Thursday, June 13, 2024

How To Use Car Battery Charger

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How To Pick The Right Battery Charger

How to use Car Battery Charger

Let me start with a disclaimer: BatteryStuff.com does not sell inexpensive, off-the-shelf battery chargers often found at retail outlets and certain other online stores. We cater specifically to microprocessor-controlled chargers, also known as smart chargers. All the chargers we stock are reviewed, tested and selected based on function, reliability and durability.

This type of battery charger is designed to charge lead acid and other types of batteries based on computer-generated algorithms. Simply put, the charger collects information from the battery and adjusts the charge current and voltage based on this information. This allows the battery to be charged quickly, correctly, and completely when using a smart charger. All the chargers we sell can remain connected to a battery indefinitely and will not overcharge or damage it.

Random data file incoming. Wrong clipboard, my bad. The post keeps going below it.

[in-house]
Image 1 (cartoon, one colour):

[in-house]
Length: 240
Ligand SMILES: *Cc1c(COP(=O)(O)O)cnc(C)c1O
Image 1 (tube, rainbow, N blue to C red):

Simple steps to select the right battery charger for your needs.

Noco Genius1 Battery Charger

The NOCO Genius1 is currently the best-selling battery charger on Amazon, and there’s little wonder why — not only is it a reliable automatic car charger that makes charging an easy and stable process, but it does it for only $30 or less.

What makes the Genius1 so popular is its versatility. It works with all sorts of batteries — including lithium-ion, AGM and deep-cycle — and both 6- and 12-volt battery types. It charges and maintains batteries, with a trickle charge feature that keeps your battery charged over long periods of inactivity. It also uses sensors to measure the temperature and adjust its 1-amp charge accordingly.

Another feature that makes the Genius1 portable car battery charger useful is the fact that it can charge completely dead batteries. Typically, this is a problem for automatic chargers, but the Genius1 has a “force mode” that allows it to function as a manual charger. This means that it will deliver a continuous charge that proceeds unabated until you switch it off, and it can be used to resuscitate a battery with zero battery voltage.